- If communicating fact-to-face is difficult, try to write to each other.
- Every once in a while make sure to indulge in an “act of love”.
- This can be gifting, saying something nice to the other person, writing them a letter, or just waking them up with some delicious breakfast.
- Communicate your emotions, but also give your partner the space to understand these emotions and express themselves.
- Have a hobby or activity that you both enjoy doing together.
When your partner blames you for everything, take it as a wake-up call for your relationship. This definitely means your relationship needs a lot of time and effort at the moment. Take the time to introspect, and build an effective channel of communication. Everything will be fine as long as both of you are able to communicate your feelings and work on your relationship.
If you have any questions or comments regarding this, please feel free to drop them in the comment section below.
FAQs- My partner blames me for everything
What does it mean when your spouse blames you for everything?
If your spouse is blaming you for everything, then they most likely are unhappy with your relationship. Instead of effectively communicating about the problems, they’re choosing to blame. This is when you should understand that it’s time to do something about it.
What does it mean when a man blames you for everything?
The man is probably blaming you for everything because you haven’t openly spoken about situations so far, and that’s why it continues to be this way. You would have to accept that you’ve probably had a role to play in getting the situation to this point.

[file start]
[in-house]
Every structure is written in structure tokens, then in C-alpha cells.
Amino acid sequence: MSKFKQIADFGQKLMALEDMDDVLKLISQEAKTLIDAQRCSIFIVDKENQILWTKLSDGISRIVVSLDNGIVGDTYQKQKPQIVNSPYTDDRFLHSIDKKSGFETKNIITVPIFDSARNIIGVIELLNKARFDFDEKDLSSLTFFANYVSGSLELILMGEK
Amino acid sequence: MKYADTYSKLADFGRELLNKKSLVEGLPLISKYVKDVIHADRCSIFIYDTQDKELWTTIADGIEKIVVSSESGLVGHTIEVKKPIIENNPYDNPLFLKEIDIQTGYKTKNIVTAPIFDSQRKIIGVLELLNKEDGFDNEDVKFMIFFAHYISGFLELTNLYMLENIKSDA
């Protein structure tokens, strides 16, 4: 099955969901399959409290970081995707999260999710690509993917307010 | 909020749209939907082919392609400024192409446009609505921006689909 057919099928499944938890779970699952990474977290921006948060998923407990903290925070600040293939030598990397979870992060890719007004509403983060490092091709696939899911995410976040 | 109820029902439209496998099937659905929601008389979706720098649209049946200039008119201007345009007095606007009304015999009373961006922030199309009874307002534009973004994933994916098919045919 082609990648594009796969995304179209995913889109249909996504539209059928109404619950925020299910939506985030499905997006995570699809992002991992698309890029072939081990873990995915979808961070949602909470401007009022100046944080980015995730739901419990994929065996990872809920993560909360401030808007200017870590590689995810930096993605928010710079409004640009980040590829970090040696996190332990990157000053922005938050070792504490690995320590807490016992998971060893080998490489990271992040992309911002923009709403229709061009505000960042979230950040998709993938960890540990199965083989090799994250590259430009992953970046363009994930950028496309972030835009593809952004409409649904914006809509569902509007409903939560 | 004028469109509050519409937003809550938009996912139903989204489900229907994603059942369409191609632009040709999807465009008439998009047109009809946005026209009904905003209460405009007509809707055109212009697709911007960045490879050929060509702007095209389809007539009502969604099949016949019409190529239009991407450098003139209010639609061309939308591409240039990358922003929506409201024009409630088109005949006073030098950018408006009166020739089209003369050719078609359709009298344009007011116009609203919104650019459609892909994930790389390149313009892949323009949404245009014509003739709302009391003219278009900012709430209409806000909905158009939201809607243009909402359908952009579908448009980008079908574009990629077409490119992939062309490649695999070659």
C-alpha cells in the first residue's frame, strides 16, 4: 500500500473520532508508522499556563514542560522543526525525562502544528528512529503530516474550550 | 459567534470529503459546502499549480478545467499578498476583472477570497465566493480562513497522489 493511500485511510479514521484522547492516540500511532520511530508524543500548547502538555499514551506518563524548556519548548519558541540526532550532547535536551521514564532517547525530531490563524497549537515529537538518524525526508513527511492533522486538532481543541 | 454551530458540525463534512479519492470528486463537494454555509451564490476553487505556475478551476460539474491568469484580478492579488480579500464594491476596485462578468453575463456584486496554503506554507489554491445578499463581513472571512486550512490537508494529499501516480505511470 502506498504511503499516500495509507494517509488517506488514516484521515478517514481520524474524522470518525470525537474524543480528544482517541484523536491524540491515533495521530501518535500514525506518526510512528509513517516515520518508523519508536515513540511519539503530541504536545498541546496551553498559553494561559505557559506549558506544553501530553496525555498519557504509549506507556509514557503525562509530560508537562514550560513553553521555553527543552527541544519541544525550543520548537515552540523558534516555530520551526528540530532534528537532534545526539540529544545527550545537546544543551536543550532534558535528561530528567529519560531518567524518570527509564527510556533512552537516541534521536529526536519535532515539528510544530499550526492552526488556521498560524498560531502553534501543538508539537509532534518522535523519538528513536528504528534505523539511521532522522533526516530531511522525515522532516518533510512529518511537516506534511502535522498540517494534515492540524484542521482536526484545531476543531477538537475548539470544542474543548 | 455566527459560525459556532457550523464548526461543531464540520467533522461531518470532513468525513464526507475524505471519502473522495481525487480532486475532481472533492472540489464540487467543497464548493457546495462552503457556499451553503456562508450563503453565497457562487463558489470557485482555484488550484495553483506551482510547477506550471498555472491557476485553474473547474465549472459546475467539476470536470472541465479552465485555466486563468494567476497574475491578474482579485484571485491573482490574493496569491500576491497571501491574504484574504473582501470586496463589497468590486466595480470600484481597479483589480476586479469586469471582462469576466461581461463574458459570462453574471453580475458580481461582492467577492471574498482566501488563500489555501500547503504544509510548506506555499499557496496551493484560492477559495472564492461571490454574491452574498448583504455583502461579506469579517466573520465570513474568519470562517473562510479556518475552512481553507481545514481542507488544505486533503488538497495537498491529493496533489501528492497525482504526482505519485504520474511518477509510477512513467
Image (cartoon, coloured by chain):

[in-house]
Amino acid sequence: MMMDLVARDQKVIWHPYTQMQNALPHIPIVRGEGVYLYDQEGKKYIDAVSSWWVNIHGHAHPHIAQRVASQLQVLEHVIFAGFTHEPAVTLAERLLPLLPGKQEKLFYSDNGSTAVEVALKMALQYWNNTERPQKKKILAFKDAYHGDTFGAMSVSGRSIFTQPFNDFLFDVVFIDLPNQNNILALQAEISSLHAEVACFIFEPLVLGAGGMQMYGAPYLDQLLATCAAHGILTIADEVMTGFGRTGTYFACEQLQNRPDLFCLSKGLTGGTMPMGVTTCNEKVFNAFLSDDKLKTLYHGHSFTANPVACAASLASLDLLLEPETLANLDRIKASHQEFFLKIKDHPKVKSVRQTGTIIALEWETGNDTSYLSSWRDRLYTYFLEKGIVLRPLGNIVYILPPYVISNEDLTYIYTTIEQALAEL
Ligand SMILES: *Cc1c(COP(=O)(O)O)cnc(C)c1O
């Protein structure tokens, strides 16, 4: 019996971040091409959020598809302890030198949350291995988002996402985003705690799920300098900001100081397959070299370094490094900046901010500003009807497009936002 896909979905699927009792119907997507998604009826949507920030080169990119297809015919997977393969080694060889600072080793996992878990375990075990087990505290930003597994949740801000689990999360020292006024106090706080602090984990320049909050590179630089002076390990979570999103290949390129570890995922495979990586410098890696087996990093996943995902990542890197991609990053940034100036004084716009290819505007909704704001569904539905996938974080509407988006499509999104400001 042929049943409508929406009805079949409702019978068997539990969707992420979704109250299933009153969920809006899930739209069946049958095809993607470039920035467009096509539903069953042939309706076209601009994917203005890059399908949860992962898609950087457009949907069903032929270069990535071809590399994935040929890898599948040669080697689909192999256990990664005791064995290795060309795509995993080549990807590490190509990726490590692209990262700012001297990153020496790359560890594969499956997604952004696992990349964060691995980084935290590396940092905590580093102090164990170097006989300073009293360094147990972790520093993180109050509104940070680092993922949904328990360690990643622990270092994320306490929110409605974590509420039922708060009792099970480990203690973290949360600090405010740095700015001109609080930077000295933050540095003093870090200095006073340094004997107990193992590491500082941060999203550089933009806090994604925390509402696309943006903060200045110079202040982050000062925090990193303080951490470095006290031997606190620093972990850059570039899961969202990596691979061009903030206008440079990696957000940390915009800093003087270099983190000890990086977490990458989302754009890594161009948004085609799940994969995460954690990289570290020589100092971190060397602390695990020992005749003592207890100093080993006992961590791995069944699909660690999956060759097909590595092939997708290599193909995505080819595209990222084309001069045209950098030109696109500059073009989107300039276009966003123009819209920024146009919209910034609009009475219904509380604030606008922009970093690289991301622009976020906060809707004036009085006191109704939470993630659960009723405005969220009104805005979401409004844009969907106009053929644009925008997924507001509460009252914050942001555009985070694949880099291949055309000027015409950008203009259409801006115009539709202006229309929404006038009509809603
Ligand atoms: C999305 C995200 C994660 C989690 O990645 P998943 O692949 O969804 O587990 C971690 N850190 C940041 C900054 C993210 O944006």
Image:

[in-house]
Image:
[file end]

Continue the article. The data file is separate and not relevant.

What does it mean when someone constantly blames you for everything?
When someone constantly blames you for everything, they might be a narcissist. A narcissistic person is known to be notorious as they always blame everyone around them for everything. This is usually because they believe they’re always right, and that they know how to do things the right way. Thus they project any shortcomings they have onto others.
What is a toxic relationship?
A toxic relationship is one that includes lack of trust, frequent lying and controlling behaviours. This usually happens when one person’s feeling and happiness is prioritised, instead of both of them working as a team. These relationships can be healed but it requires both partners to work together.
What are the psychological terms for blaming others?
The psychological term for blaming others is psychological projection. This is a defence mechanism wherein the ego defends itself when it’s confronted by an unpleasant stimulus or situation. This way the ego denies any triggered underlying emotions and instead projects this onto others.